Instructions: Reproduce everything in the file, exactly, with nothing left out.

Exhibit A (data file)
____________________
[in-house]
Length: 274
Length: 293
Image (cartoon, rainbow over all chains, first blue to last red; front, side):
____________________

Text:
[in-house]
Length: 274
Length: 293
Image (cartoon, rainbow over all chains, first blue to last red; front, side):